With 2016 more than halfway over, you would hope that sexism and double standards in sports have been reduced to a minimum. Well, that’s just not the case.
Multiple times, male commentators have made comments about female athletes that have discredited the fact that they have achieved greatness so far in the Olympic games.
Take Katinka Hosszu for example. She wins a gold medal and the cameras pan to her husband as a commentator says that he is the one responsible for her winning the medal. Now don’t get me wrong, I know that her husband is her coach and he certainly played a role here. But to say that he is “responsible” is to completely dismiss the fact that she is the one who trained hard, made it to the Olympics, swam the race, and won the medal. Not her husband. But of course if a woman wins a gold medal then a man must be responsible for it right? Certainly, she couldn’t have done it on her own. I mean, without him would she even know how to swim?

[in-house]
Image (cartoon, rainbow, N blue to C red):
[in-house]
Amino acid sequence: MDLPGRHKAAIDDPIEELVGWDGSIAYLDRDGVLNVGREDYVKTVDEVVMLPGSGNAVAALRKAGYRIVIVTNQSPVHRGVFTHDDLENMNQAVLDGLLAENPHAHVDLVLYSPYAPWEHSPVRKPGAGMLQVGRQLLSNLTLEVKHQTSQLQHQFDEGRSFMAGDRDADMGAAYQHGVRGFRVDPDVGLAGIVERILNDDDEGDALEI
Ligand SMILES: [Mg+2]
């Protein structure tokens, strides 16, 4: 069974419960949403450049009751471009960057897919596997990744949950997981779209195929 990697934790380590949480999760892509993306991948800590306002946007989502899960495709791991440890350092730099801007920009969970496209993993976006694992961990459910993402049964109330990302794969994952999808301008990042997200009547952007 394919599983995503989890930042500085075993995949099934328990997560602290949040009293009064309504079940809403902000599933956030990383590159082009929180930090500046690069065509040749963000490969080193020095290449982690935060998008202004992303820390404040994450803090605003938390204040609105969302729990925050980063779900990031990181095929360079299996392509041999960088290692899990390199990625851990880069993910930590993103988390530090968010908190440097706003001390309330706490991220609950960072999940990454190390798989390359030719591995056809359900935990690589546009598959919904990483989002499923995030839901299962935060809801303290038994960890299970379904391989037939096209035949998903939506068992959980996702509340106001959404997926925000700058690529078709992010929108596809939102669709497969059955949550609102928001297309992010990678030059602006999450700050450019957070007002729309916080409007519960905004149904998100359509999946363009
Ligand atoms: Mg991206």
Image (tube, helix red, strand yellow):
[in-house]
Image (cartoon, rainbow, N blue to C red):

What about Corey Cogdell-Unrein? The Chicago Tribune posted and article featuring her and didn’t even use her name. Nope. They simply referred to her as “Wife of a Bears’ lineman” instead. Because that’s really all she is, just the wife of a professional football player. It’s not like she’s already a 3-time Olympian or anything awesome like that. She’s just somebody’s wife.
And let’s not forget that most people attribute the success of Serena Williams to the fact that she is “built like a man” because if she were built like a woman (despite the fact that she just so happens to be a woman) then she wouldn’t be so amazing at what she does. It’s even been said that Katie Ladecky is successful because she “swims like a man”
Perhaps commentators should take a crash crash course in sexism so that they can start to understand the fact that women are not defined by their husbands or relationships to men in general. More importantly that they deserve credit for their own accomplishments.
Published by Rae Coleman